Acquisition of verb meaning from syntactic distribution in preschoolers with autism spectrum disorder

Sabrina Horvath, Elizabeth McDermott, Kathleen Reilly, Sudha Arunachalam

Research output: Contribution to journalArticlepeer-review


Purpose: Our goal was to investigate whether preschool children with autism spectrum disorder (ASD) can begin to learn new word meanings by attending to the linguistic contexts in which they occur, even in the absence of visual or social context. We focused on verbs because of their importance for subsequent language development. Method: Thirty-two children with ASD, ages 2;1–4;5 (years; months), participated in a verb-learning task. In a between-subjects design, they were randomly assigned to hear novel verbs in either transitive or intransitive syntactic frames while watching an unrelated silent animation or playing quietly with a toy. In an eye-tracking test, they viewed two video scenes, one depicting a causative event (e.g., boy spinning girl) and the other depicting synchronous events (e.g., boy and girl waving). They were prompted to find the referents of the novel verbs, and their eye gaze was measured. Results: Like typically developing children in prior work, children with ASD who had heard the verbs in transitive syntactic frames preferred to look to the causative scene as compared to children who had heard intransitive frames. Conclusions: This finding replicates and extends prior work on verb learning in children with ASD by demonstrating that they can attend to a novel verb’s syntactic distribution absent relevant visual or social context, and they can use this information to assign the novel verb an appropriate meaning. We discuss points for future research, including examining individual differences that may impact success and contrasting social and nonsocial word-learning tasks directly.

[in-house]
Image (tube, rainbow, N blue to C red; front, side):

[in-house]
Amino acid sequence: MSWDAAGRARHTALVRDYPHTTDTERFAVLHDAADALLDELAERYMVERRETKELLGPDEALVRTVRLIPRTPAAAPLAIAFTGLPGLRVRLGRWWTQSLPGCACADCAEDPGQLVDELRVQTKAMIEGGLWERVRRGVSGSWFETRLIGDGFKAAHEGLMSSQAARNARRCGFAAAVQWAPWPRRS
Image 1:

Original languageEnglish (US)
Pages (from-to)668-680
Number of pages13
JournalLanguage, Speech, and Hearing Services in Schools
Issue number3S
StatePublished - Aug 2018

ASJC Scopus subject areas

  • Language and Linguistics
  • Linguistics and Language
  • Speech and Hearing


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